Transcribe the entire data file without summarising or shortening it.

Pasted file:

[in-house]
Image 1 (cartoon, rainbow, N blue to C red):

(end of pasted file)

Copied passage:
[in-house]
Image 1 (cartoon, rainbow, N blue to C red):